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Comment: Re:Was SCO really that bad? (Score 1) 169

by NormalVisual (#49283997) Attached to: Not Quite Dead: SCO Linux Suit Against IBM Stirs In Utah
Furthermore most of the squabbling over systemd seems to be about the fact that some people do not like that systemd gives you more control and flexibility over the startup process.

You appear to have misinterpreted what "most of the squabbling" is actually about.

who if they wanted to could simply tailor Debian to use their own init system, so if they dont like systemd, why dont they just put in their own init program after they install debian?

...and after they remove all of the dependencies on systemd from all of the non-init-related packages that are using it.

Comment: I don't always agree with him... (Score 1) 214

by NormalVisual (#49281985) Attached to: The GNU Manifesto Turns Thirty
...but you have to give him points for consistency and not giving the first damn what *anyone* thinks of him. It can sometimes be a little grating, but generally it's quite refreshing to interact with people that lay all their cards out, whom you don't have to second-guess or wonder whether they have ulterior motives.

Comment: Re:Of course! (Score 1) 305

by NormalVisual (#49262627) Attached to: Prison Program Aims To Turn Criminals Into Coders
I never pressed him for the details of the fight, but my personal experience was that he's one of the most laid-back and funniest people I've ever known, and I've never seen him even come close to losing his temper. I wasn't making any kind of judgment regarding his conviction, just saying that having a felony on one's record doesn't mean one doesn't have legitimately marketable skills.

Comment: Re:Ron Wyden Edward Snowden (Score 3) 107

We need someone in authority to step up, tell the American people what is going on, and take the heat for it.

So Wyden spills the beans, goes to jail, and then we're left with no one on the inside that will let us know that the intelligence community is still overstepping their bounds. As a bonus, after Wyden tells everyone what's going on, the executive branch refuses to take any action and continues to cow the legislature into letting them do what they want because the rest of the Intelligence Committee is largely a stunning exercise in uselessness.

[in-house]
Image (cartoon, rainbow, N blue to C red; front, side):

As long as he remains in office and on the Committee, Wyden is doing more good being on the inside - certainly more good than those like Dianne Feinstein, Barbara Mikulski, or my own state's elected dickhead Marco Rubio. Only in the event Wyden loses his place on the Committee or fails to get re-elected would coming out and telling everything he knows be potentially useful.

Comment: Re:What could possibly go wrong? (Score 1) 305

by NormalVisual (#49262069) Attached to: Prison Program Aims To Turn Criminals Into Coders
Remember - by law, you can't discriminate against them.

True in some cases, but not as a blanket statement. The EEOC says an employer's policies regarding one's criminal history cannot be used as an employment criteria if:

They significantly disadvantage Title VII-protected individuals such as African Americans and Hispanics; AND
They do not help the employer accurately decide if the person is likely to be a responsible, reliable, or safe employee.

I had a former co-worker that was convicted of felony battery years prior to the current job. The employer would have been well within their rights to deny him a job based solely on the second criteria.

Comment: Re:Of course! (Score 4, Insightful) 305

by NormalVisual (#49261955) Attached to: Prison Program Aims To Turn Criminals Into Coders
There is only one reason to hire a criminal, and that is planning to do something criminal.

Well, there's also the situation where the ex-con is actually good at what he does. Back in 2010 I did some contract work for a large and established company (big/old enough to have a pre-ARIN /16 netblock), and I shared a cubicle with a guy that had a third-degree felony battery conviction after putting a guy in the hospital during a bar fight years earlier, and happened to be a wicked sharp Java coder with great customer interaction skills. Even with the clearly disclosed felony on his record, he was eventually extended quite a nice offer to go onboard as a permanent employee.